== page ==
In life, especially in college, you will notice that your circle of friends begins to experience changes. Friends that you may have had before college may not be in the picture anymore. You may have kept some of the same friends and just added new ones. Either way, as people begin to change so does the company they keep.
While you are in college, you may start to feel that you are maturing faster than others. Sometimes these others include the people that you are close to. Think about this. It is freshman year. You and your friends are at every party and are in a rebellious stage in your life where anything goes. You have made some mistakes freshman year, so sophomore year you want to improve the way you live your life. You may now be focused on your studies, getting involved on campus, and working on networking with others that have chosen the same path as you. While you are moving forward, you may have that one friend (or maybe a couple) who is stuck in the same spot that you all were in before. You think to yourself, “If I have learned from my mistakes and have made changes in order to have a better college experience, why hasn’t my friend(s) taken this same step?”
It is simple. Everyone lives life at a different pace than others. Everyone learns from their mistakes at a different pace than others. Then, you have people who just simply do not care as much as you do. You may think that just because a person is your “friend,” you both are supposed to go through life on similar paths. However, that is not always the case.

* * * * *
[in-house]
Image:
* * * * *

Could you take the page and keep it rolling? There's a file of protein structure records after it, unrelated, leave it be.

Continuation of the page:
Here is the challenge. Do you remain friends with this person or do you and your friend(s) go your separate ways? It is a lot to think about especially when you have grown so close to a person. The fact is, sometimes you just OUTGROW a person. If you are traveling on a path of progression, then having someone around that is not on that same path will only hinder you in the long run. Either their ways can rub off on you or you will find yourself stressing because you want your friend to have the same opportunities as you. Another thing to think about is how you being associated with this person affects YOU. If this person continues to live a certain way, they will eventually gain a reputation on campus. You have to ask yourself, “Do I want to be known as a party animal or an irresponsible college student just because those are the characteristics of my friend(s)?” If the answer is no, then maybe distancing yourself is best in order to save your reputation. The saying, “Birds of a feather flock together” is very relevant in college.
At the end of the day, who we are friends with is left up to us. If you have a friend that is in a bad spot in their life, maybe you have been put in their life to help them. However, others are just not meant to be in our lives. It is up to you to decipher between the two. Once you have done this, you can then make a decision on who is worth keeping in your life and who is meant to be left behind.
Michaela C., Editor of College Life